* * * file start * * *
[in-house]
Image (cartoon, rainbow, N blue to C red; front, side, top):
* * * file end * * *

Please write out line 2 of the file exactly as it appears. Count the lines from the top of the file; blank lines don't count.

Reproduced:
Image (cartoon, rainbow, N blue to C red; front, side, top):